Table 2. Subscriber characteristics and prevalence of the dependent variable in the training and test sets for the Germany predictive model compared with the previously published results of the US predictive model in the test set. P values are reported for differences between German test and training sets, and between US and German test sets.
CharacteristicsGermany predictive model (this study)US predictive model (from [9])
Training setTest setP value (test vs training Germany)Test setP value (US vs Germany test)
Prediction datesJan 1, 2012, to Jan 1, 2018Jan 1, 2012, to Jan 1, 2018Feb 1, 2014
# of unique PERSa users, n (%)4644 (80)116 (20)109,966 (20)
# of prediction windows, n (%)96,273 (79.5)24,847 (20.5)109,966 (20)
Age in years, mean (SD)84.0 (8.2)83.6 (8.3).00181.1 (11.4)<.001
Female gender, n (%)2997 (64.5)743 (64.0).3788,433 (80.4)<.001
Years on PERS service, n (%)
0-22598 (55.9)630 (54.3).3248,922 (44.4)<.001
2-41079 (23.2)264 (22.7).7526,193 (23.8).41
4 or more967 (20.8)267 (23.0).1134,851 (31.7)<.001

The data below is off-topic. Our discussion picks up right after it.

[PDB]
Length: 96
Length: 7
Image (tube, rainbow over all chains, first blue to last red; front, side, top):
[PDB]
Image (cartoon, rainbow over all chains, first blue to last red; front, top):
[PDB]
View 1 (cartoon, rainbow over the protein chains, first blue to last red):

Number of PERS self-reported medical conditions, n (%)
None265 (5.7)73 (6.3).4924,910 (22.6)<.001
1-21325 (28.5)329 (28.3).9326,515 (24.1)<.001
3-41397 (30.1)370 (31.9).2528,561 (26.0)<.001
5 or more1657 (35.7)389 (33.5).1829,980 (27.3)<.001
30-day emergency hospital transport (% of prediction windows)1506 (1.6)350 (1.4).082455 (2.2)<.001

aPERS: personal emergency response system.

Predictive Model Evaluation

The performance of the Germany predictive model on the test set is detailed in Table 3 for various prediction score thresholds. AUC was 0.749 (95% CI 0.721-0.777) for emergency hospital transport in 30 days. This was slightly but not statistically significantly lower than the AUC for the US predictive model (0.778 [95% CI 0.769-0.788]), as 95% CIs were overlapping.